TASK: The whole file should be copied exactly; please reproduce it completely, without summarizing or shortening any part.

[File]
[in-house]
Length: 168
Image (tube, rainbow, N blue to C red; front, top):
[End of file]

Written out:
[in-house]
Length: 168
Image (tube, rainbow, N blue to C red; front, top):